President’s men face purge from reforming GNP
The interim, emergency leadership of the sinking party, led by presidential frontrunner Park Geun-hye, demanded yesterday key Lee loyalists including the president’s elder brother leave the party and stay away from the April legislative elections.
Lee Sang-don, a member of Park’s emergency council and a known critic of the president, told the JoongAng Ilbo yesterday that Representative Lee Sang-deuk, a six-term lawmaker and the elder brother of the president, must leave the GNP. He said Representative Lee Jae-oh, a key aide to the president, must not seek re-election in April.
“Other senior lawmakers and members of the former leadership must also retire,” said Lee, a professor of law at Chung-Ang University.
Another member of the emergency leadership, Kim Chong-in, agreed.
“We must remove all the obstacles to resuscitate the GNP,” Kim said. “This is not just Professor Lee’s personal opinion, but the general consensus inside and outside of the party.”
Lee, tasked to reform the nomination process of the ruling party, did not hesitate to name the president’s elder brother as a main target in the process of the party’s self-reforms.
“Although he already declared he won’t seek re-election over the involvement of his aide in an influence-peddling scandal, Representative Lee Sang-deuk must leave the GNP to allow the prosecution to freely and thoroughly investigate the case,” Lee said.
The first meeting of the emergency council on Tuesday discussed the 76-year-old politician’s exit from the party, but the members did not vote on it to press him, Lee said.
Lee Sang-don also said Representative Lee Jae-oh must abandon seeking re-election in April, urging him to take responsibility for having failed to contribute to the Lee administration’s success. Representative Lee is known as the most influential aide to the president, and was once called a kingmaker for his role in Lee Myung-bak’s presidential victory.
“The starting point of the GNP’s reform is changing its people,” Lee Sang-don said, demanding most senior members of the party retire from the politics. “Just like the resignation of then-Chairman Choe Byung-yul in 2004, the people who were responsible for state affairs and the GNP leadership must leave with honor. Only then will the GNP survive.”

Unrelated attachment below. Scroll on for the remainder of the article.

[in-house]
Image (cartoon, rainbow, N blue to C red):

Lee also said members of the former leadership whose slips of the tongue disgraced the ruling party should stay away from the party. “Those whose remarks made the GNP a subject of public ridicule must be held accountable,” he said.
Senior politicians from Gyeongsang were also asked to retire from the political frontline to make room for fresh blood. “Lawmakers with obsolete ideas who have safe havens in Gyeongsang and do nothing but praise Park Geun-hye, or those with forgotten existences, must seriously ask themselves what is the true way of helping her,” Lee said.
“The party cannot nominate such people again and ask voters to support them,” he said. “They must voluntarily step down so that we can recruit fresh, talented faces from outside.”
Another member of the emergency council, Representative Joo Kwang-deok, also agreed with Lee’s ideas. “We should be ready to do anything and everything for reform,” he said.
Concerns grew from Lee Myung-bak loyalists about a possible purge.
“It is human nature that those with power want to brandish the sword,” a key aide to Representative Lee Jae-oh said. “Since it is just an idea of Professor Lee, we should wait and see how the nominations are made.”
The pressure on the president’s older brother to leave the GNP was flatly rejected by an aide to Representative Lee Sang-deuk.
Drastic measures to distance the GNP from the president were foreseen after Park recruited critics of Lee to join the party’s emergency leadership. The Blue House was tight-lipped about the reforms.
By Ser Myo-ja [firstname.lastname@example.org]